Design and validation of a thermoreversible material for percutaneous tissue hydrodissection
Article first published online: 6 JUN 2013
Copyright © 2013 Wiley Periodicals, Inc.
Journal of Biomedical Materials Research Part B: Applied Biomaterials
How to Cite
How to cite this article: 2013. Design and Validation of a Thermoreversible Material for Percutaneous Tissue Hydrodissection. J Biomed Mater Res Part B 2013:00: 000–000., , , , , , and .
- Article first published online: 6 JUN 2013
- Manuscript Accepted: 27 MAR 2013
- Manuscript Revised: 14 MAR 2013
- Manuscript Received: 1 JAN 2013
- University of Wisconsin—Madison Graduate School's Innovation and Economic Development Research program
- poloxamer 407;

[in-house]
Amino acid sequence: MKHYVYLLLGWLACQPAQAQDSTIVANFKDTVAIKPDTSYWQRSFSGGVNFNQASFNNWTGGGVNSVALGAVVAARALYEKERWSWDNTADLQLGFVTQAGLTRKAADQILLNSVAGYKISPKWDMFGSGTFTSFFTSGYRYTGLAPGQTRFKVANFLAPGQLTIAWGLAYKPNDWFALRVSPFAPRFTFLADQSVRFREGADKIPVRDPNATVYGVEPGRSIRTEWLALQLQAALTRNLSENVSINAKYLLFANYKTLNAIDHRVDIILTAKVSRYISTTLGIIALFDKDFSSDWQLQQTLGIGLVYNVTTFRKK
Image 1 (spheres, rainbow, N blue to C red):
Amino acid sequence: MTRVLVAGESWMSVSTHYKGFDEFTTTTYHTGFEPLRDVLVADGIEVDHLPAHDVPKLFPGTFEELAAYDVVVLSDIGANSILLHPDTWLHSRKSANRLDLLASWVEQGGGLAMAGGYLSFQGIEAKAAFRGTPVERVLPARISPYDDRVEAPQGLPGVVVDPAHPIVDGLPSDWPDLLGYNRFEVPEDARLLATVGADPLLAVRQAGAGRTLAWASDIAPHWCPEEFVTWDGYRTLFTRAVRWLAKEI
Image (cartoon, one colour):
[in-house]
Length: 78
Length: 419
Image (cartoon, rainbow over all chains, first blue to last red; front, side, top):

Interventional oncology procedures such as thermal ablation are becoming routine for many cancers. Hydrodissection—separating tissues with fluids—protects tissues near the treatment zone to improve ablation's safety and facilitate more aggressive treatments. However, currently used fluids such as normal saline and 5% dextrose in water (D5W) migrate in the peritoneum, reducing their protective efficacy. As a hydrodissection alternative, we investigated a thermoreversible poloxamer 407 (P407) solution. Such a material can be injected as a liquid which then forms a semi-solid gel at body temperature without syneresis. The desired gelation temperature of 32°C was achieved with 15.4 wt/wt % P407. Viscosity analysis revealed the lowest viscosity and ideal injection point was at 14°C. Solution viscosity increased during gelation, to a peak of 65 kPa*s at 40°C. The electrical impedance of P407 was significantly greater than isotonic saline, but lower than D5W, indicating its potential for electrical protection. The P407 gel was similar to other hydrodissection fluids at ultrasound and CT imaging. Ex vivo liver ablations showed that P407 protects neighboring tissues, but may require a thicker barrier for comparable protection to D5W. Overall, we found that the P407 solution is a feasible alternative to traditional hydrodissection fluids and warrants additional study. © 2013 Wiley Periodicals, Inc. J Biomed Mater Res Part B: Appl Biomater, 2013.